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OCD

"Having no control over my mind was scary"

Living with OCD

Mental Health

Anthony Bryan writes about how his life has been affected by OCD, obsessive-compulsive disorder, and the common misconceptions about the condition...

Obsessive-Compulsive Disorder (OCD). This little bastard affects around 1.1% of the UK population.

Each person will have different traits. From the more publicized cleaning and neatness, to the lesser spoken of. Intrusive thoughts, twitching and tic disorder.

I cannot remember a time I didn’t have some form of compulsive behaviour; from as young as 5-6 years old I’d have an overwhelming urge to straighten out creases in the curtains or counting how many times a door handle needed to be touched before leaving a room. These would sometimes last for hours and even through the night. No wonder I was a moody little shit.

This was labelled as ‘Habits’ I’d be told ‘’It’s just a habit, don’t worry, you will grow out of it’’… Okay then … ROLL ON MANHOOD! where I wouldn’t need to flare my nostrils continually to stop a family member from being hurt (True Story)

Sadly, this carried on throughout childhood and became worse. Some moments were pretty hilarious I admit. Situations where I’d randomly raise my voice volume during a normal convo, or blinking to the count of 100 before being able to talk.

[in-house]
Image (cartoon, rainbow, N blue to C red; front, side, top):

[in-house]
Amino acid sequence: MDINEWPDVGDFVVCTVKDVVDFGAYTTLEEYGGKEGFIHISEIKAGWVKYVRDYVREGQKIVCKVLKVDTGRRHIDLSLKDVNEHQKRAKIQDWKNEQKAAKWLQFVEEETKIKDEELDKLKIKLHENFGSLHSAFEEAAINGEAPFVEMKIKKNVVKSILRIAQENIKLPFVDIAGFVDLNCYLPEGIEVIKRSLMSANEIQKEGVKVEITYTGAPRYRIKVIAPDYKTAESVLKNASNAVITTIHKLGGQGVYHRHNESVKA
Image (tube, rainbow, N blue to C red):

The darker moments. Not so funny. I only learned that these dark moments AKA (Intrusive Thoughts) were one of the most common OCD traits… Oh the bloody thoughts!

Having no control over what would pop into my mind was beyond frustrating, and scary. The feeling I was slowly turning into a crazy monster. Now I wouldn’t want to go into some of the shit that floated in my head, especially as a child. Let’s just say it wasn’t sunshine and lollipops.

Going through these issues unnoticed wasn’t possible, many family and friends saw my so called ‘Habits;’ and just laughed. We hadn’t heard of OCD. There was no good old Google to help us out on this one, and to be honest, doctors didn’t really give a shit.

The first time the term OCD was mentioned to me was the late 90’s. That’s it though, just mentioned. No help, suggestions or advice, just the name… Cheers for that 👍

Roll on a few years and my habits and tics were even more pronounced. It was only when I started to become obsessed with germs that these started to ease. Going from face and hand twitching to a complete fear of catching anything and everything, mainly having a ridiculous fear of vomit was new to me.

To control not becoming ill I started to clean! Not just a little tidy up. Oh no, but to the point everything needed to be wiped down, vacuumed and dusted. Continually!

For my family this wasn’t a bad thing… Free cleaner!! To be honest I didn’t mind. I’d take this over phantom pain and tics any day.

In 2010-11 ‘OCD’ became a buzzword. If you were tidy you must have a little OCD… My kind of cleaning was leaving a sparkling bog seat cleaner than most people’s kitchens. Not putting the bins out.